The Strength of Long-Range Ties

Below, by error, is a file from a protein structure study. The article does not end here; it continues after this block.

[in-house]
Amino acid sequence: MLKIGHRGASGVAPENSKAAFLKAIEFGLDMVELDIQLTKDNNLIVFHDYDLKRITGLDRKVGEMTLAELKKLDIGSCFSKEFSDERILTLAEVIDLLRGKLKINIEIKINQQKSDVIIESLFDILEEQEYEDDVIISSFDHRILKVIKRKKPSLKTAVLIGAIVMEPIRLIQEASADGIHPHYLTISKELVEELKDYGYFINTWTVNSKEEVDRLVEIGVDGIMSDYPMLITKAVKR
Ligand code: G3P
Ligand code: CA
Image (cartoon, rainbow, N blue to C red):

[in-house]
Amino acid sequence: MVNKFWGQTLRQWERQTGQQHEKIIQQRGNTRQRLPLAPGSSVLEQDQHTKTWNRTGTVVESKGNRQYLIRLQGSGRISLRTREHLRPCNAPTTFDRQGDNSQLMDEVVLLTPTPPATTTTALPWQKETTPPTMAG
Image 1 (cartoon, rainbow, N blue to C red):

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Abstract: Four decades of small-scale social network research has widely assumed that interpersonal connections bridging socially distant groups are weak, comprised of sporadic and emotionally distant relationships. However, in this study using data from eleven culturally diverse population-scale phone and Twitter communication networks on four continents, I find that previously unobservable long-range bridging ties can be nearly as strong as the socially proximate non-bridging ties that share a common friend. Evidence from content, temporal, and geographic analyses suggests that these strong connections spanning extraordinarily distant network communities are emotionally expressive, socially oriented relationships. The discovery of relationally strong, long-range bridging ties have implications for the speed and breadth of social contagion. Bio: Patrick Park is a computational social scientist pursuing a sociological understanding of the structure and evolution of large-scale social networks and their consequences for social contagion, economic action, and social inequality. His works appeared in Science, Social Networks, PLoS One, and Lecture Notes in Computer Science. As MIDAS Data Science Fellow, Patrick uses social media data to study how networks adapt to societal shocks (e.g., natural disasters).